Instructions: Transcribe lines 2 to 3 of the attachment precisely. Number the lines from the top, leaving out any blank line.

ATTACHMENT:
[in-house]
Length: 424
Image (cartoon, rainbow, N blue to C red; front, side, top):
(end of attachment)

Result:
Length: 424
Image (cartoon, rainbow, N blue to C red; front, side, top):